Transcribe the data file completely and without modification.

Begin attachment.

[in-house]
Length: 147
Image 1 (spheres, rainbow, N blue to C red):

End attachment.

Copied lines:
[in-house]
Length: 147
Image 1 (spheres, rainbow, N blue to C red):